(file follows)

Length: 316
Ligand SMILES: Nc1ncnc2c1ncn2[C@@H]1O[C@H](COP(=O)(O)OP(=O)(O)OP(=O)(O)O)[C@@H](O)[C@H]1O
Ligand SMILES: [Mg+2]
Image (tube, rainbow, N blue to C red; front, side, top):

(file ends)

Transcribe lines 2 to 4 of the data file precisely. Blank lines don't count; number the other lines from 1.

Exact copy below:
Ligand SMILES: Nc1ncnc2c1ncn2[C@@H]1O[C@H](COP(=O)(O)OP(=O)(O)OP(=O)(O)O)[C@@H](O)[C@H]1O
Ligand SMILES: [Mg+2]
Image (tube, rainbow, N blue to C red; front, side, top):